The problem for Mama Shelter is that they’re dealing with increased competition from new hotels that are springing up all around it. City Hall has decided they want to turn Central Hollywood into party central, and the Department of City Planning (DCP) is approving pretty much every crazy request they get from developers. Almost every hotel project that’s been pitched for the area in recent years includes a rooftop bar/lounge. Hollywood has been a mix of residential and commercial for over a hundred years, and it’s always been a balancing act. But in recent years the City has shown increasing contempt for the people who live in the area. There are already well over 60 places you can get a drink in Central Hollywood, and the DCP keeps approving more liquor permits, showing little concern for alcohol-related harms. And they don’t seem to care about people getting a good night’s sleep either, as they continue to approve requests to offer live entertainment. Do they have any idea how much extra work they’re creating for the LAPD? I have no problem with people coming to Hollywood to have a few drinks and hear some music, but more and more it seems to be drawing party animals who just want to get wasted and cut loose. Not good for the community.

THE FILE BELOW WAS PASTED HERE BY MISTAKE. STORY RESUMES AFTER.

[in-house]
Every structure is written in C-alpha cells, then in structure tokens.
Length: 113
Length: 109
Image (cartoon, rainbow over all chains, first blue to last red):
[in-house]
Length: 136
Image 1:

Actually, I have a few problems with the DCP. Not only have they shown a growing disregard for rational planning practices, but the agency is becoming increasingly opaque and dishonest. The experience with the hearing for Mama Shelter is a classic example. When a friend forwarded the hearing notice, I saw that to review the impacts of allowing music on the rooftop they’d done an addendum to Mama Shelter’s original environmental assessment. (Put simply, they’re using the hotel’s original environmental assessment and adding a new section to talk about what impact live music might have on the community.) I was thinking I’d like to take a look at the addendum, but I couldn’t find it on the net. So on Monday, November 6, I send an e-mail to the zoning administrator (ZA) asking if he can forward it. A couple days go by. No response. On Wednesday I send another e-mail. This time he writes back to say….
“In reviewing the case file, as the size and overall mode of operation will not change, a categorical exemption in lieu of the reconsideration will be prepared for the project.”